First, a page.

MILWAUKEE—Milwaukee’s African community has been the scene of underdevelopment for many years.
The recent global focus on Wisconsin and Milwaukee due to budget cuts enacted by governor Scott Walker is just a small part of a larger problem facing the black community.
Recent reports show black unemployment in Milwaukee holding at 34%, while the U.S. average is 16% for blacks.
For black males the unemployment rate is over 53%.
In 2005, 4416 Africans per 100,000 citizens living in Wisconsin were incarcerated, compared to 415 whites.
Black Infant mortality (calculated per 100,000 live births) during the period 2005-08 was 15.7, compared to 6.4 for white infants.
In the Sherman Park area of Milwaukee alone, infant mortality rates for black children (19.5 per 100,000 live births) are worse than in the Gaza Strip Occupied Palestine (17.71 per 100,00 live births).
These numbers illustrate the systemic underdevelopment of Milwaukee’s African community.
Clearly these problems could not have originated with a governor who has been in office for only seven months.
The All African People’s Development and Empowerment Project (AAPDEP), a non-profit organization of the Uhuru Movement, understands that these problems facing the black community in Milwaukee, as in other places Africans are located, is due to lack of self-determination.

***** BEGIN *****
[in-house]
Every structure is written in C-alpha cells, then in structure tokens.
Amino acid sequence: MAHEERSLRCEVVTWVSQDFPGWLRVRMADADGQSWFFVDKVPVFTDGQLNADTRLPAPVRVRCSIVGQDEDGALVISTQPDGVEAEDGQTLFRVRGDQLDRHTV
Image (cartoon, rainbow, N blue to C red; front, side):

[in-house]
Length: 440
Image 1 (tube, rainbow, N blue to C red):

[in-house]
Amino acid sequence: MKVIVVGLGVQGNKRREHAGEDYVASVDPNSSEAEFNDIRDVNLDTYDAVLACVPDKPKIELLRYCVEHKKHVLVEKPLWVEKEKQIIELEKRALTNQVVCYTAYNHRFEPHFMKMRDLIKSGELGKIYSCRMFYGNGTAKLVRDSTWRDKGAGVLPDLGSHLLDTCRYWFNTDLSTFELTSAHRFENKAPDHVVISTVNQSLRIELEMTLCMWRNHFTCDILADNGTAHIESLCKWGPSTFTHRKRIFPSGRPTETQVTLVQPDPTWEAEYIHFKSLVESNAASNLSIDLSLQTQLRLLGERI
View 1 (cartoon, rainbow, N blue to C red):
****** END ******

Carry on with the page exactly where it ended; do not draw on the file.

When the black community builds programs to address the issues it faces, this lessens the burdens of budget cuts and reliance on charitable organizations.
Charity undermines the path for self-determination and demoralizes the recipients of such “gifts.”
AAPDEP’s mission is to unite the skills and resources of Africans for the development of Africa and African communities worldwide.
The newly formed Milwaukee AAPDEP branch has been spreading the word about the organization’s national and international work, while strategizing on local work in the Milwaukee community.
We are scheduled to do a neighborhood cleanup in the Park West section of the city, where the median household income is less than $23,000.
Our goal is to reaching out to the people and to scout for land for a community garden.
A community garden has many rich, but simple,benefits: having the African community engage in developing healthy, sustainable food options for the community at large.
Affordable food options are imperative for the well being of the people in this community.
AAPDEP Milwaukee also aims to build programs within the black community, including education, health care workshops and community markets.
We call on black people who are interested in challenging the conditions that we face in the community to help build our interest as a whole.
Let’s unite our skills and actively create the path toward self-determination.
Contact email@example.com to get involved in the work locally.